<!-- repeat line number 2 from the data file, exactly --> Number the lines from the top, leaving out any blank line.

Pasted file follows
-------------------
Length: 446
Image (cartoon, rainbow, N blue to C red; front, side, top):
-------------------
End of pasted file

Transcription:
Image (cartoon, rainbow, N blue to C red; front, side, top):